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Posts tagged Architecture.
Floods in Europe. From In Focus - The Atlantic:
The historic flooding throughout central Europe continues, as the Elbe River has broken through several dikes in northern Germany, and the crest of the swollen Danube River has reached southern Hungary, and threatens Serbia.
Parts of Austria and the Czech Republic are now in recovery mode, as thousands of residents return home to recover what they can. Gathered here are images from the past several days of those affected by these continuing floods.
First photo: A Super Puma [helicopter] of the German Federal Police Bundespolizei carries sandbags to fix a broken dam built to contain the swollen Elbe River during floods near the village of Fischbeck, on June 10, 2013. (Reuters/Tobias Schwarz)
Second photo: Budapest. The flooded River Danube, with a city view of the parliament building in downtown Budapest, on June 10, 2013. The Danube peaked at 891 cm, 31 cm higher than the record levels of 2006. (Attila Kisbenedek/AFP/Getty Images) Via
Politicians uninterested in helping fix the situation, leaving repairs to emergency funds. And endangering the public…
NPR’S Scott Simon introduces the topic (on the audio version) with this somber revelation: “[C]hances are 1 in 9 that a bridge you drive over has been deemed structurally deficient, or basically in bad shape, by the federal government.” Worse yet, “there is no consensus on how to tackle the problem or pay for proposed solutions”.
In the aftermath of the collapse of the Skagit River Bridge, NPR’s Brian Naylor interviews Barry LePatner, a New York real estate and construction lawyer and author of Too Big to Fall: America’s Failing Infrastructure and the Way Forward, that analyzed the collapse of the I-35W bridge in Minneapolis, Minn. in August, 2007.
Residents fear Lake Macquarie City Council’s controversial actions on the risks of sea level rise will wipe more than $1 billion off the value of properties.But some believe the loss could be worse, with homes worthless because they cannot be sold. Some say their properties already won’t sell and insurance premiums are skyrocketing – problems they blame on the council’s sea level rise measures.
But the council says changes in property values are a result of the global financial crisis, housing supply and interest rates, not council predictions of sea or lake level rise.
In a statement the council also said sea and lake level predictions in 2050 or 2100 played no role in the calculation of insurance premiums.
However, Marks Point resident Barbara Davis, who is leading an action group on the matter, said the council was ‘‘destroying people’s lives’’.
The council had placed notations relating to flood and sea level rise on section149 property certificates of about 10,000 properties, and residents say the move has devalued many properties.
This Nigerian school is set to rise. The floating structure was built by Dutch and Nigerian architecture, design and urbanism firm NLÉ to serve the slum neighborhood of Makoko, much of which exists on stilts above a lagoon in the port city of Lagos. Looking to mitigate the compounding problem of massive population movements to urban areas and the realities of climate change, NLÉ built the school as a prototype for a broader urban planning initiative called Lagos Water Communities Project.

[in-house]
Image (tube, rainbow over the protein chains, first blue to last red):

Their design conforms to the local necessity of building houses on stilts above the lagoon with flotation platforms crafted from 256 common plastic barrels. This will allow the three-story primary school to rise along with sea level due to climate change or rainfall. The architects also designed it to provide natural ventilation, water from a rain collection system and power from rooftop solar panels to occupants. The almost 2,400 square-foot bamboo and wood building can safely hold up to 100 students.
Bauhaus: Design in a Nutshell
How prepared are American cities for increased natural disasters? Over the years, Americans have insisted on expanding and building cities and suburbs in locations that are clearly threatened by natural hazards. This week’s monster tornado in Oklahoma demonstrates this. Cities and states have encouraged people to live in these areas through city planning, architectural design, and the so-called need for “economic development.”
Thus, instead of encouraging people to not live in these hazard zones, city leaders have created methods to help people survive relatively normal lives there. Houses in California must meet specific earthquake design standards, buildings in Oklahoma have “safe rooms,” and countless structures must be stable enough to handle floods and erosion along American coastlines. These are adaptations. Not good adaptations (I believe people should not be encouraged to live in these areas), but there it is.
With the climate changing, the impacts on communities are likely to increase. Incidences of natural disasters are expected to rise, costing many lives and causing a need for an endless stream of disaster aid.
Researchers at MIT teamed up with the non-profit ICLEI to survey cities around the world. The goal was to compare how they were adapting to climate change impacts, or preparing for future impacts. Progress, the researchers found, is very slow in the US, while cities around the world are far more advanced.